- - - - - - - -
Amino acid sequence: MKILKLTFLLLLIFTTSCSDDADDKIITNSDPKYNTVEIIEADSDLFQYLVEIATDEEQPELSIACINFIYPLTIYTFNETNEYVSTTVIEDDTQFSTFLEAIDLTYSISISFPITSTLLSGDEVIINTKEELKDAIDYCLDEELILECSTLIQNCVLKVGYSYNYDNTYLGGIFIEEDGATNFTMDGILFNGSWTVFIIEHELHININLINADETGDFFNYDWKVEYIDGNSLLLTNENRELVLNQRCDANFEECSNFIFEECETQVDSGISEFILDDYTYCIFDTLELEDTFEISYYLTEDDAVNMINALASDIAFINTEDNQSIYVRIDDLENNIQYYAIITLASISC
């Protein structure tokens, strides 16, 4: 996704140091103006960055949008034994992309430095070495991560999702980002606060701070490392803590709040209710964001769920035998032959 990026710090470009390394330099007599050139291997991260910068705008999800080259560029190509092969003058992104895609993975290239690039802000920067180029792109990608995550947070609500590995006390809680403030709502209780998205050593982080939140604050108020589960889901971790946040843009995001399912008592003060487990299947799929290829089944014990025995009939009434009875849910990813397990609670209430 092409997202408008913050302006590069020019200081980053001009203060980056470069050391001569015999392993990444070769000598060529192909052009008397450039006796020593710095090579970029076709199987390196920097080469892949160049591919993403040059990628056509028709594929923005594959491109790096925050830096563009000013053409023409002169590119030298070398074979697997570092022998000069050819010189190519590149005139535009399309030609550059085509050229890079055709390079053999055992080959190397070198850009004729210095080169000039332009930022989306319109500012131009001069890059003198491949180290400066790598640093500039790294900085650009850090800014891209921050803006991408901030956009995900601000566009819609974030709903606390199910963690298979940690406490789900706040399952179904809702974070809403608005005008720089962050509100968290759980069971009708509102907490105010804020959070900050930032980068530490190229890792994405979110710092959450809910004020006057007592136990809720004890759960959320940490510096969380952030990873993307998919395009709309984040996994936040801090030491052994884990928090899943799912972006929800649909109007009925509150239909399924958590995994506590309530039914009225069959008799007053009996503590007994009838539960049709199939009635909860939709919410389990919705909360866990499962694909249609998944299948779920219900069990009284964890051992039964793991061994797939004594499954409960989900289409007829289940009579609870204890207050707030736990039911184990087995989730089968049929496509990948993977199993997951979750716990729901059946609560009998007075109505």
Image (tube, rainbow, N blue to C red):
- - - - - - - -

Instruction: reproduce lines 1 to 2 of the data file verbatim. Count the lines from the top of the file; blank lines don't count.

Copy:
Amino acid sequence: MKILKLTFLLLLIFTTSCSDDADDKIITNSDPKYNTVEIIEADSDLFQYLVEIATDEEQPELSIACINFIYPLTIYTFNETNEYVSTTVIEDDTQFSTFLEAIDLTYSISISFPITSTLLSGDEVIINTKEELKDAIDYCLDEELILECSTLIQNCVLKVGYSYNYDNTYLGGIFIEEDGATNFTMDGILFNGSWTVFIIEHELHININLINADETGDFFNYDWKVEYIDGNSLLLTNENRELVLNQRCDANFEECSNFIFEECETQVDSGISEFILDDYTYCIFDTLELEDTFEISYYLTEDDAVNMINALASDIAFINTEDNQSIYVRIDDLENNIQYYAIITLASISC
């Protein structure tokens, strides 16, 4: 996704140091103006960055949008034994992309430095070495991560999702980002606060701070490392803590709040209710964001769920035998032959 990026710090470009390394330099007599050139291997991260910068705008999800080259560029190509092969003058992104895609993975290239690039802000920067180029792109990608995550947070609500590995006390809680403030709502209780998205050593982080939140604050108020589960889901971790946040843009995001399912008592003060487990299947799929290829089944014990025995009939009434009875849910990813397990609670209430 092409997202408008913050302006590069020019200081980053001009203060980056470069050391001569015999392993990444070769000598060529192909052009008397450039006796020593710095090579970029076709199987390196920097080469892949160049591919993403040059990628056509028709594929923005594959491109790096925050830096563009000013053409023409002169590119030298070398074979697997570092022998000069050819010189190519590149005139535009399309030609550059085509050229890079055709390079053999055992080959190397070198850009004729210095080169000039332009930022989306319109500012131009001069890059003198491949180290400066790598640093500039790294900085650009850090800014891209921050803006991408901030956009995900601000566009819609974030709903606390199910963690298979940690406490789900706040399952179904809702974070809403608005005008720089962050509100968290759980069971009708509102907490105010804020959070900050930032980068530490190229890792994405979110710092959450809910004020006057007592136990809720004890759960959320940490510096969380952030990873993307998919395009709309984040996994936040801090030491052994884990928090899943799912972006929800649909109007009925509150239909399924958590995994506590309530039914009225069959008799007053009996503590007994009838539960049709199939009635909860939709919410389990919705909360866990499962694909249609998944299948779920219900069990009284964890051992039964793991061994797939004594499954409960989900289409007829289940009579609870204890207050707030736990039911184990087995989730089968049929496509990948993977199993997951979750716990729901059946609560009998007075109505």